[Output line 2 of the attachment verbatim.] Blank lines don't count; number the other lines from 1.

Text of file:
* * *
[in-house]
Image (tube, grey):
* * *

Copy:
Image (tube, grey):